• Interesting baseball trivia of the day I randomly found out while digging up those numbers, the Chicago Cubs were for a brief period around the turn of the 20th century actually called the Chicago Orphans. Maybe that’s more common knowledge than I thought but it was news to me.

        • When Clemens was having his career resurgence (perhaps chemically aided, but thats not really the point) ESPN ran a breakdown of his walks by lineup slot. Almost all of his walks were to batters 3-5 while he rarely gave out free passes to others. Im guessing Ryan was the same way: he knew only the best hitters could hurt him so he was more liberal walking them and then facing weaker hitters lower in the order.

        • Digging deep Mike – great, great stuff. I wonder the same thing about our own guys. Who does Simon, Bailey, Simon,etc. walk-rate as far lineup position? This kind of thing is critical and most important is your critical thinking. Over the years I have worked with many scientists and in general this why I respect them so much. Does a higher then expected walk-rate necessarily mean wildness or a higher intellect?

        • “Fastball velocity. All day”

          What about Randy Johnson then, he probably threw nearly as hard as Ryan?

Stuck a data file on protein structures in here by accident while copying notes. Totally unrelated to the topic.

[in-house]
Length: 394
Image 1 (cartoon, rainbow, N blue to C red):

• Ryan could be an outlier because he was so wild. Randy Johnson’s career BABIP of .291 just proves that even great, great pitchers can’t always move the needle. I guess you’ll say that Alfredo Simon is just massively better than Randy Johnson.

        • When we can have a straightforward debate (discussion) on Simon, I’m more then ready. If you want to throw in superfluous statements and put words in my mouth, forget about it. I take this stuff seriously and expect you to as well if you want to have a meaningful conversation. Otherwise, I’ll keep reading and enjoying your other works.

        • Charlotte, I think the difference with Ryan and Johnson is that when Nolan Ryan was in his prime and throwing that hard, it was like Aroldis Chapman is now, but as a starter. No one else in the bigs was even close to throwing as hard as he was on a consistent basis. When Johnson was out there throwing 93-98, it was among the hardest in the game, but he wasn’t the only guy doing it. Facing Ryan was an entirely different kind of thing.

  4. Cueto’s babip has to go up some at some point but i do expect him to continue to our perform his sierra and other measures. For what ever reason Cueto is an outlier for those measurements.

  5. I for one would be curious if there is some correlation between pitch movement and lower BABIP. If hitters can’t accurately judge where a ball is going to be when they swing, it would stand to reason that they would be less likely to make solid contact and get a hit.